Bangladesh’s PM at UN urges ‘safe zones’ for Muslims in Rakhine

22 September 2017
Bangladesh’s PM at UN urges ‘safe zones’ for Muslims in Rakhine
Prime Minister of Bangladesh Sheikh Hasina speaks during the General Debate of the 72nd United Nations General Assembly at UN headquarters in New York, New York, USA, 21 September 2017. Photo: Jason Szenes/EPA

Bangladesh's prime minister on Thursday proposed creating UN-supervised safe zones inside Myanmar to protect Rohingya Muslims who are fleeing a military crackdown to seek refuge in her country.
"These people must be able to return to their homeland in safety, security and dignity," Prime Minister Sheikh Hasina told the UN General Assembly.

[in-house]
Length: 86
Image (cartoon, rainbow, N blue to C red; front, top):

The United Nations says more than 420,000 Rohingya have fled for safety to Bangladesh.
The military operation was sparked by attacks carried out by Rohingya terrorists on police posts on August 25.
The prime minister laid out a five-point plan that called for the protection of the Rohingyas in "safe zones that could be created inside Myanmar under UN supervision."
There has been mounting international outrage over the plight of the Rohingya, prompting the UN Security Council this month to call for an end to the violence.
The creation of such "safe areas" would require the approval of the Security Council where China, a strong supporter of Myanmar's former junta, has veto power.
The recent exodus of Rohingya has brought the number of refugees from Rakhine living in Bangladesh to over 800,000, said the prime minister.